Feb 28, 2012

It really DOES matter.

I cut out fabric for 20 dolls a couple of weeks ago.  (Yes, I'm insane like that.)

A few were for the Linen Sisters (all sewn up and waiting for clothes now.)  Six of them were for future Izzies.  And five of them were for Queen Anne type dolls.  I use an Izzy sort of construction method for them but the pattern is elongated, skinnier, and taller. I call the pattern "Tall Dolls"...

But to the point.  Being the kind of dumpster-diving, scrap-saving, penny-pinching person I am, I lay out pattern pieces to save every possible inch of fabric.  And for the most part, this is a good thing.  I've always been careful to lay pattern pieces straight along the weave, never on the bias--I can't even wear a bias cut skirt because the stretch effect does not do my figure any favors.  BUT...what I discovered was that it also matters which way you lay them on the grain!

So...the dolls are stuffed and assembled...and different!  Same exact pattern, two totally different dolls.  The long-headed one was lain perpendicular to the selvage, the short-headed one was parallel to it.  I think this is pretty cool!  Now that I've sculpted said dolls, I kinda like the short-headed ones better for the Queen Annes, but the others are pretty shapes for milliners' model types, and I see an application for the Izzies, too. 




What an interesting variable to add into the mix!  I see more experiments in my future.

Cheers!
Jan

6 comments:

  1. It is interesting how laying the pattern on the fabric can make such a difference. You may have solved a problem I've been having with a project I've been working on. Now I'm going to do some experimenting. I can't wait to see some of these dolls you've been woring on.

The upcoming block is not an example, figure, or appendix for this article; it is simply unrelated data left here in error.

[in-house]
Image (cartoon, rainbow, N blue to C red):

ReplyDelete
  2. Love seeing the WIPs. I have to admit to being a little less structured (read sloppy) when I work. I'm more of a "ooooh, let's chop this up and see what happens!" worker. I wish I wasn't. I am trying HARD to get organized. I think you are brilliant for cutting out 20 dolls at once. My biggest edition has been 3! haha! Can't wait to see them. I loved your Queen Anne doll. xox

    ReplyDelete
  3. Experiments are always fun and we learn from them. :-)

    ReplyDelete
  4. Information from Helen Pringle was...cut the head on the bias to allow for more "give" when stuffing. Of course her dolls were all cloth, no clay. I tried this over and over and seemed to get different results every time.

    ReplyDelete
  5. I try to save on material to, but I usually waste some. I did find that if you put on a stockinet, it's better to run the grain vertical ( up and down ) that way if you want to antique, the lines help toward looking like cracks. It's hard to always remember to run you cloth up and down though and I forget alot.

    ReplyDelete
  6. I discovered this when making arms/hands for Izzies. One set was 'normal' and the other was wiiiiiiiide and fat. I couldn't for the life of me figure out why! Took Dixie to let me know that it was the layout that determined how this occurs! I'm still kinda lazy when it comes to the layout, but I do try to keep all parts lined up the same way on the fabric, be it long ways or side ways.

    ReplyDelete

Thank you for taking time to comment! I love hearing your perspectives and ideas.